Is There Dangerous Dust in Your Home?
There are many variations of dust particles both inside and outside the home that are of concern to babies, children, adults, pets, and pregnant women. The smaller the particles of dust the more likely they will be dangerous and get into people’s lungs easily. Larger particles are easier to remove during general vacuuming, but those smaller more dangerous particles are harder to remove, and a homeowner will not know that they are around.
Is the Dust in Your Home Safe?
Substances that are resistant to disintegration such as PFAS (polyfluoroalkyl substances) have been used for many years in the creation of waterproof packaging, stain-resistant carpets and non- stick cookware and can stay in the environment for long periods of time affecting and reducing the air quality of the home.
There are many potentially harmful children’s products that contain PFAS such as stain resistant clothing, foam play mats and other water-resistant children’s products. Samples taken from infants and pregnant women show that these types of chemicals are resilient enough to affect the womb conceivably causing childhood cancers.
Scientists are attempting to find out exactly which home products bought by innocent consumers contain PFAS. It is hard to monitor all the different types of products that contain this hazard because there are different sources of the PFAS chemical family. Researchers are currently working on software that can predict the exact structures as new compounds develop for scientists to be able to classify different classes of PFAS’.
Home dust usually brings to mind those specks of dust that we see when the sun shines in our home and those cute, curious specks seem to come to life. What we may not realize is that those specks are not as harmless as they look, they could be the results of present or recent home renovations or damage that we may have concluded were over and done with. Yet, many types of dust residues such as plaster, concrete, and medium-density fibreboard (MDF) dust among others can be harmful to your family’s health if they are not removed from the home properly. It’s not only medically compromised individuals who can be negatively affected by harmful dust in the home, but healthy individuals can develop symptoms such as shortness of breath, asthma, and unexplained skin rashes.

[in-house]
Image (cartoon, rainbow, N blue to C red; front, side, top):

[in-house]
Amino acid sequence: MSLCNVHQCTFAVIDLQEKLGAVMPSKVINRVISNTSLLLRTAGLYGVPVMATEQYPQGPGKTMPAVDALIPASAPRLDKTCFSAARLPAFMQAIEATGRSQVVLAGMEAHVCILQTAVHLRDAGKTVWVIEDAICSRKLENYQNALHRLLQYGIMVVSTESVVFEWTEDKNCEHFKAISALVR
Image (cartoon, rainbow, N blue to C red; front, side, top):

Is Dust Harmful to Dogs?
Pets are a very important part of many Americans’ lives. When the home has too much dust, your dog will sneeze and cough to get rid of it. Since your dog spends his daily routine on the ground you may notice that he or she is scratching and licking his skin for two reasons due to dust. 1) Shaking his or her body feverishly might shake the dust off somewhat, but the licking will bring the harmful dust right back into his system. 2) An early sign of a skin allergy in your dog will be licking and scratching causing crusty bloody skin patches.
Crevices that are not obvious to the homeowner’s eye are places that the dog will seek out by himself. He may squeeze himself under dusty furniture or beds and that is where the dust will stay even if he shakes himself. He will need a good bath to remove the dust properly. So, if your house is infested with dust don’t forget about your dog, he or she will need to be cleaned and maybe medically treated if his breathing gets too heavy.
Is Plaster Dust Harmful to Your Health?
Plaster dust is composed of dissolved calcium that comes from new plastered surfaces which comes from several negative factors that lead to unhealthy dust developments such as:
1) The water to cement ratio is too high when the plaster is mixed.
2) If calcium chloride is added to the plaster mix.
3) The use of abrasive tap water with a negative Saturation Index.
4) The addition of extra water while shoveling the plaster into the container.
5) Temperatures that are too hot or cold when plastering- this happens more often in new structures when the plastering is done either in the summer heat or winter cold and the HVAC system has not yet kicked in.
New plastering in old homes cannot be prevented as sometimes folks want to change the structure of their homes or else a bad leak in the ceiling from a faulty high vac tube causes the need for new plastering in a part of the damaged ceiling. Plaster dust contains a chemical called gypsum or calcium sulfate dihydrate which will cause discomfort for the folks who are working on it or living in the home that is being renovated. Some symptoms of exposure to plaster dust are a sore throat and a cough similar to cold symptoms as well as eye irritation.